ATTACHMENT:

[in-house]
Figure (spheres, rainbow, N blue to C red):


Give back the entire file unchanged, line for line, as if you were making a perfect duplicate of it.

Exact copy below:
[in-house]
Figure (spheres, rainbow, N blue to C red):